Fat Candidate? Don't Expect Many Votes

Larger waistline.  Bigger eater.  Non-exerciser.  At risk of dying earlier.

These are all the things we think when we hear about obesity.  But did you also know it means fewer votes?

That's right.  A new study has found evidence of voter bias against hefty candidates for U.S. Senate after controlling for other factors.

Who comes to mind right away?  For me, Gov. Chris Christie of N.J.  He may be a great governor (jury still out on that), but the first thing his name summons is the image of a fat guy, at least to me.

I know it's not fair but whenever I see him in his yards and yards of white or blue button-down shirts, all I can think about is what it would be like to sit next to him, overflowing into your chair.  Would that stop me from voting for him?  Maybe.  (He's also a Republican, which pretty much would.)

“Heavier candidates tended to receive lower vote share than their thinner counterparts and the larger the size difference between the candidates, the larger the vote share discrepancy,” newswise.com quotes Patricia V. Roehling, professor of psychology at Hope College in Holland, Michigan.
The upshot: due to bias against overweight political candidates, as much as one-third of the U.S. population is likely to be excluded from being elected to a major political office, newswise reports.  Why? Because that's how many of us are overweight or obese.
Now, I've fought weight issues all my life (right now I'm on the winning side, but we'll see), so it's probably a little strange that I feel this way about Christie.  (I also don't like the Fort Lee bridge shutdown, which I totally think he's behind, but that's for another day.)  Why would I shun someone who's fought the same fight as I?
Researchers examined pictures taken from candidate websites and estimated the size of each candidate for Senate in both primary and general elections. Each candidate was rated on a scale ranging from obese to underweight. They looked at 158 male candidates and 32 females, examining the vote totals for each candidate and controlled for variables such as age, gender, incumbency, and other factors. The result: the more slender the candidate, the greater his or her vote share.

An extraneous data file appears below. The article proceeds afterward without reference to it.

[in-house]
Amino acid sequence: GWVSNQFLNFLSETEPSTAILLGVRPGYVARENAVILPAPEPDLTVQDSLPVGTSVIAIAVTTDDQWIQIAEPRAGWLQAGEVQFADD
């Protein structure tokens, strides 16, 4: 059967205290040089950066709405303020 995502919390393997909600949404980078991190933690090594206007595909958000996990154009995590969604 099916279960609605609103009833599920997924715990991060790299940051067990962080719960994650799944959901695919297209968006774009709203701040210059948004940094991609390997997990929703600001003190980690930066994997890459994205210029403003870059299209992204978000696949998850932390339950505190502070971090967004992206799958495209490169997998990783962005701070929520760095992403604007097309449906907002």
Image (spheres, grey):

Surprisingly, or not, obese people were almost absent from the study. Only four percent of the men and none of the women were rated obese, as compared to the general population, where 34 percent of U.S. males and 38 percent of females are considered obese.
Most interesting of all, at least to me, was that it was a different story for men labeled as overweight. Forty-one percent of the male Senate candidates were overweight. Only 16 percent of the women were in that category, however, with 84 percent being in the normal weight range.
"These findings suggest that overweight females are more likely to be excluded from candidacy than are overweight males,” Roehling says. This supported one of the study’s hypotheses that women candidates would experience a greater weight bias than men.
Big surprise.  


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